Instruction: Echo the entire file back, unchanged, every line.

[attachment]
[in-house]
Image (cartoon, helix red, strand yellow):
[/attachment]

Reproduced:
[in-house]
Image (cartoon, helix red, strand yellow):